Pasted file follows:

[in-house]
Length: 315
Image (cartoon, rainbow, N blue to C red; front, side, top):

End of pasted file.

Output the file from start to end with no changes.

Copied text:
[in-house]
Length: 315
Image (cartoon, rainbow, N blue to C red; front, side, top):